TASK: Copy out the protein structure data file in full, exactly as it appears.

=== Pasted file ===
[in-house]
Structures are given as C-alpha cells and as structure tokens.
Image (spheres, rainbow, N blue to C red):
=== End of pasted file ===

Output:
[in-house]
Structures are given as C-alpha cells and as structure tokens.
Image (spheres, rainbow, N blue to C red):